Day 6 – Port Stephens
Ahoy there everyone, Overnight the ship remained underway motor sailing south along the NSW north coast making good five knots whilst tacking and setting sails at various times throughout the night to maintain the navigation plan. This kept the watches busy along with applying practical navigation techniques and conducting engineering rounds. In addition each watch conducted an unfamiliar team orientated task without instruction in a limited time; needless to say each of the watches acquitted themselves well and explored various methods of communication, leadership and teamwork. Wakey wakey at 0700 saw the on watch Youth Crew perform a stirring tune to arouse all onboard for a hearty breakfast, all hands were then again back on the upper deck with vigour to conduct rotational and demonstrational tacks. Rotational tacks (altering course using the wind) were next on the agenda. This required each of the Youth Crew watches to rotate through each of the tacking stations roles and positions. The ship conducted tacks and wears (turning the stern through the wind also known as a gybe in a yacht). This activity enabled each member to gain a more comprehensive understanding of how the sails and yards are handled during this important manoeuvring evolution. Demonstrational tacks then enabled each watch an opportunity to stand on the bridge and observe the command and control aspects as the ship was tacked through the wind. These set of tacks consolidated the practical deck work instruction gained over the previous six days.At lunch Chef Squiz as usual providing a superb selection of fine cuisine as the ship closed Port Stephens. All sails were then handed in and the ship proceeded to anchor adjacent the marina at Nelson Bay. Once the ship had her cable the Youth Crew proceeded ashore in the ships boat to stretch their sea legs and hug a tree which is a reputed cure for motion sickness. During the remainder of the afternoon the Youth Crew conducted mid voyage talks where each watch discussed individual and collective progression against their initial goals, then reset priorities and revised goals for the remainder of the voyage, before returning to the ship as the rain started to intensify.Once all hands were back onboard the Captain cooked an upper deck BBQ under a squally sky. Dinner was consumed down below in the galley prior to conducting a three way talk activity; this enabled each Youth Crew member to gather a significant amount of in depth information about two of their appointed shipmates during the previous 48 hours; this information is then presented to the remainder of the crew in the third person developing confidence, interpersonal skills and public speaking.The intention is to remain at anchor overnight and tomorrow for weather avoidance with forecast 3 metre seas and 30 knot winds. Until tomorrow evening, take care.Yours AyeCaptain Damien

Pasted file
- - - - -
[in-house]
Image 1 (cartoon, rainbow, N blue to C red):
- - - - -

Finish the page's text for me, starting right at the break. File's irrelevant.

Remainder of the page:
2200 at anchor - Weather rain, Wind SW 7 knots, Swell nil, Temperature 19 degrees, Barometer 1013 hpa
You might also be interested in
STS Young Endeavour is, by the definition and origin of her name, about Aussie youths trying hard to achieve something difficult. This voyage certainly provided that... and then some. A challenging experience from all angles and areas. Yet the Youth Crew prevailed and found success. They should therefore be justifiably proud of themselves for persevering, seeing the silver lining and never wavering in their mission to have a great adventure. I am very proud of all of them and I'm sure you are too!
9 Days ago 23 Youth Crew from all over Australia, came together to sail this vessel, have fun and challenge themselves. They have not only done that, but have faced and overcome fears, and learnt a lot about themselves and each other.
They leave with new skills, improved persistence, resilience and adaptability, as well as generally knowing they are more capable than what they probably thought. And of course, having made great new friends - most probably, friends for life. It never gets old for us staff members, as we truly love our work.
Fair winds and following seas.
Captain Adam Charlie Farley+